"I haven't abused or hurt you, I won't kill you, so why can't you marry me?" he pleads at one point, inadvertently signifying how perhaps the amount of pain inflicted is the only measuring scale of a woman's importance in his world. Dhawan's face exhibits the kind of juvenile angst that makes you believe it isn't Badri's fault for being born into his family. Her undying patience with him demonstrates not a penchant for inherent submissiveness, but a maturity and reading of his small, hapless mind – one that needs a certain kind of Ranbir Kapoor-ish passion and heartbreak and stubbornness and tears to evolve.
The new-age feminist gaze is an interesting thing. I expect an avalanche of disapproving think pieces and raging op-eds about how a film preaching progressive values uses regressive devices like stalking, kidnapping, threatening and physical intimidation to drive home its point
This isn't a film that tries to tell us how men should behave. In fact, it tells us, at the cost of inviting the wrath of over-politicized moral rants, how some – some being the operative word – can behave, leaving it to us to decide how outraged or enlightened we choose to be. Rather, this is a well-conceived song-and-dance story that tries to prove the futility of the verb 'behave' in context of a woman's existence.
There is a minor Alia monologue, too, but not about how she has suffered and survived; this time, it's directed at her, about her, so that a girl like her doesn't have to keep reiterating how brave and independent she is. Vaidehi's victory is in the change she advocates, without really advocating anything; her weakness doesn't lie in the punches she takes, or the penalties she fails to mete out. The core of her arguably controversial spirit assumes the same human reasoning that promotes rehabilitation over capital punishment, or correction over elimination. And most notably, respect over romance.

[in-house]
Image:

The new-age feminist gaze is an interesting thing. I expect an avalanche of disapproving think pieces and raging op-eds about how a film preaching progressive values uses regressive devices like stalking, kidnapping, threatening and physical intimidation to drive home its point. A similar epidemic broke loose with Raanjhana a few years ago. I still believe, though, that a film has complete independence to depict what it chooses to depict – be it rape, violence, vices and self-abuse – as long as it remains valid and relevant in context of the culture it inhabits.
When Badrinath throws her to the ground and spouts venom at her, it's because of who he is – not who Varun Dhawan is, or who we are. When his bitter father swears to hang a girl from his porch, he isn't propagating a manner of thinking. He is merely being loyal to the indoor principles of ugly patriarchy. If he wins, perhaps that would be a major problem. But in a mainstream movie that pivots on its passion, unlike a Rajkumar Hirani tale that uses its love story as a backdrop to preach change through awareness, there is always only one winner.
As I walked out from a matinee show, a young, college-bunking couple in front of me made for a telling picture. He insisted on carrying her bag, so that she could speak on her phone. She began discussing remuneration for her new internship. This world is divided into two kinds of people: the ones that believe she can multitask and doesn't need a man to carry her bag. And the ones that find his gesture sweet and agenda-less: a couple-y moment of mutual cooperation. Badrinath ki Dulhania – or Vaidehi ka Dulha, depending on where you stand – seesaws between impersonating these two types of people. And, ever so rarely, finds a confused, immensely watchable middle ground. Which, in a way, despite a bloated second hour, makes it an uncomfortably strong film.